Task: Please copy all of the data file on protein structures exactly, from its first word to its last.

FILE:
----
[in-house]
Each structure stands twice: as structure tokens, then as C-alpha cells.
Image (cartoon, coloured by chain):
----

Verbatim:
[in-house]
Each structure stands twice: as structure tokens, then as C-alpha cells.
Image (cartoon, coloured by chain):